Law Enforcement Encouraging People to Participate in Active Shooter Training
The sheriff says he and his staff have done about 70 presentations and he wants the number one takeaway for people to be "react, don't freeze." KMSP Fox 9 reporter Paul Blume reports from Barron County, Wisconsin
BARRON COUNTY, Wis. — A Wisconsin sheriff is encouraging active shooter training after Sunday’s massacre at a Texas church.
The shooting took the lives of 25 people and an unborn child.
“If the shooter is not by you, you should always run,” said Sheriff Chris Fitzgerald, who is with Barron County in Wisconsin. “Run is what we teach.”
Sheriff Fitzgerald and his staff conduct active shooter training seminars across the region, in workplaces of all types and sizes, including schools and churches.
They try to make it as realistic as possible with airsoft guns and cushioned rubber balls to mimic life and death situations.
“It can happen anywhere at anytime,” said Fitzgerald. “That’s why even in Barron County, Wisconsin, in northwest Wisconsin, in Minnesota, you have to be prepared at any one moment. It’s sad to talk about, but it’s the reality. We need to keep talking about it and keep practicing.”
Six months ago, the sheriff’s office brought its Powerpoint and simulation drills to Red Cedar Church in Rice Lake.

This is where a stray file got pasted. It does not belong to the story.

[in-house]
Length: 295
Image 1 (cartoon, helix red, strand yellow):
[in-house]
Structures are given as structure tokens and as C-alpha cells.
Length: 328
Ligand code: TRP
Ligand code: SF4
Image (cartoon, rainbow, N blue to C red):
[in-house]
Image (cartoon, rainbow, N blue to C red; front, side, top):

On Sunday, a gunman stormed a Baptist church in a tiny Texas town, killing more than two dozen.
“Hopefully, churches are a place for people to find the love of Jesus Christ,” said Pastor Craig Rayment.
Pastor Rayment says the church wanted staff and volunteers to be prepared for any and all emergencies that might happen inside a worship hall that hosts some 1,300 members for a typical weekend.
He explained there are now organized team leaders and people willing to step up in communication roles to get people out of the building as quickly as possible.
“We don’t live in fear, but we want to be prepared and care for the people that come,” Rayment said. “Just be ready.”
As for the sheriff’s active shooter program, it’s based on a national curriculum that stresses spreading the word quickly about the threat.
The who, what, where, then providing people with the tools to react without hesitation, knowing that seconds count.
“When the shooter, when it’s the last resort, we teach fighting,” said Fitzgerald. “Not some ninja skills or anything. Throw the stapler, the fire extinguisher, the coffee cup…whatever it is. Whatever you need to do to survive.”
The active shooter training offered in Barron County is free of charge.
The sheriff says he and his staff have done about 70 presentations and he wants the number one takeaway for people to be “react, don’t freeze.”